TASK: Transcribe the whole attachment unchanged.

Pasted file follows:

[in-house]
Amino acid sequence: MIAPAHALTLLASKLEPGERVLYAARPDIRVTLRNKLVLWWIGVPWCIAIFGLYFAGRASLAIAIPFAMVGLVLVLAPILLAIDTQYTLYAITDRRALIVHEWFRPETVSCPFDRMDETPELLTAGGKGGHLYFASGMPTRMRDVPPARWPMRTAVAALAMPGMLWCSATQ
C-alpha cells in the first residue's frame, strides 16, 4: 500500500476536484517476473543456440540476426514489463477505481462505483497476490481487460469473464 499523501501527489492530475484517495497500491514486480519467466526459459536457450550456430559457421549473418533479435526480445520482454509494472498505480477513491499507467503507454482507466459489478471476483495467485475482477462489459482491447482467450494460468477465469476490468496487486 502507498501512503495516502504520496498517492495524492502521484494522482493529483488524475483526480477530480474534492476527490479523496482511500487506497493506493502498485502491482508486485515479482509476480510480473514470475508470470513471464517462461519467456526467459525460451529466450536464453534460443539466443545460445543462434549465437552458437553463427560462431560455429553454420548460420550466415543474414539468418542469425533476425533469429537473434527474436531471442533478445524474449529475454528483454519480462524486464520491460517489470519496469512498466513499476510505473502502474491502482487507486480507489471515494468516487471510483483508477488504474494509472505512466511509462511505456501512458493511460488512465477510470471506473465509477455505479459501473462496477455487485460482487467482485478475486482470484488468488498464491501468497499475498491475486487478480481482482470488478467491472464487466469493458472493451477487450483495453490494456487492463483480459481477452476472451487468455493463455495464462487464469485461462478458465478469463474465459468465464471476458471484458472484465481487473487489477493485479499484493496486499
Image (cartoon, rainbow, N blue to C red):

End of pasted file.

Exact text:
[in-house]
Amino acid sequence: MIAPAHALTLLASKLEPGERVLYAARPDIRVTLRNKLVLWWIGVPWCIAIFGLYFAGRASLAIAIPFAMVGLVLVLAPILLAIDTQYTLYAITDRRALIVHEWFRPETVSCPFDRMDETPELLTAGGKGGHLYFASGMPTRMRDVPPARWPMRTAVAALAMPGMLWCSATQ
C-alpha cells in the first residue's frame, strides 16, 4: 500500500476536484517476473543456440540476426514489463477505481462505483497476490481487460469473464 499523501501527489492530475484517495497500491514486480519467466526459459536457450550456430559457421549473418533479435526480445520482454509494472498505480477513491499507467503507454482507466459489478471476483495467485475482477462489459482491447482467450494460468477465469476490468496487486 502507498501512503495516502504520496498517492495524492502521484494522482493529483488524475483526480477530480474534492476527490479523496482511500487506497493506493502498485502491482508486485515479482509476480510480473514470475508470470513471464517462461519467456526467459525460451529466450536464453534460443539466443545460445543462434549465437552458437553463427560462431560455429553454420548460420550466415543474414539468418542469425533476425533469429537473434527474436531471442533478445524474449529475454528483454519480462524486464520491460517489470519496469512498466513499476510505473502502474491502482487507486480507489471515494468516487471510483483508477488504474494509472505512466511509462511505456501512458493511460488512465477510470471506473465509477455505479459501473462496477455487485460482487467482485478475486482470484488468488498464491501468497499475498491475486487478480481482482470488478467491472464487466469493458472493451477487450483495453490494456487492463483480459481477452476472451487468455493463455495464462487464469485461462478458465478469463474465459468465464471476458471484458472484465481487473487489477493485479499484493496486499
Image (cartoon, rainbow, N blue to C red):